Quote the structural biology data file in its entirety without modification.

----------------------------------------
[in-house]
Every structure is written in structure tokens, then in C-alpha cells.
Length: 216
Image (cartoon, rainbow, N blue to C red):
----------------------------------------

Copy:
[in-house]
Every structure is written in structure tokens, then in C-alpha cells.
Length: 216
Image (cartoon, rainbow, N blue to C red):